A glimpse into the creative universe: A review of the Dublin Comic Arts Festival

The Dublin Comic Arts Festival (DCAF), as described by event organiser and artist Sean O’Reilly, is a “great place to meet loads of people that have similar interests. Who doesn’t like that?”

I attended the weekend festival on Sunday in Richmond Barracks to get a feel for what the event was like. 

The Dublin Comic Arts Festival is a series of intimate small press comic book events tailored towards all age groups.

DCAF hold events in Dublin City four times a year. One for each season.

Their current home for the events, as was this past weekend, is Richmond Barracks in Inchicore.

The Barracks felt like the perfect location for such an event, with its beautiful garden space and function room – it felt like a great size for the event.

Richmond Barracks on Sunday afternoon. Photo: Oscar Lawlor Plazas

Matthew Melis and The Comics Lab of the Stray Lines comic collective helped create the festival as a platform, among other things, to help writers and illustrators across Ireland show off their work to their respective audience.

The beautiful weather over the weekend could only be hindered by the cloud that was confusion wafting over the sign at the door of the hall in the barracks – the sign reading that masks were mandatory inside the building.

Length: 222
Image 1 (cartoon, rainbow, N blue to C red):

This may be seen as quite confusing to many visitor, but O’ Reilly was happy to talk about why they felt they had to come to this conclusion.  

“I get people don’t want to think about it anymore, but there are a lot of artists in the community who are immunity compromised, so they can’t come if we don’t have them,” he said. “They are such a minor inconvenience I don’t thinks it’s too much to ask.”

DCAF run a good show, it must be said. The main hall of the barracks, where all stalls and workshops were set up, was very well organised.

The hall was set-up so that no vendor would feel like they had been shoved to the side of view.

One of the standouts over the weekend was the Studio Meala screening of their mini series.

Studio Meala is an Irish 2D animation studio that provides, in their words, “world-class, hand-drawn 2D animated content.”

As someone who, truthfully, knows next to nothing about animation, I completely agree.

Photo: Instagram / @dublincomicarts

The animation designs, each no longer than 20 minutes, were simple and comforting, with beautiful colours used throughout.

Through speaking to DCAF attendee regulars, Karl and Yousef, they felt they would like to see the event organised differently in future.

“I really think DCAF would benefit from a one day only event in a bigger venue like the RDS where all the exhibitors could be on display together,” Karl said. “I just feel like a lot of people only really come sometimes to see one or two big name artists but end up discovering new artists that they really enjoy just by being there.”

Overall, I would recommend the Dublin Comic Arts Festival to anyone.

Even if like myself, not necessarily informed about what a ‘zine’ was, there is still a lot of free interesting entertainment, and a good place to buy a loved one a unique present.

One would have to agree with the points Karl and Yousef made, the event could have benefited from a bigger venue, where all exhibitors could present on the same day, but one thing is for certain, everyone agreed the comic book festival was ‘drawn’ together brilliantly – a ‘graphic’ success!

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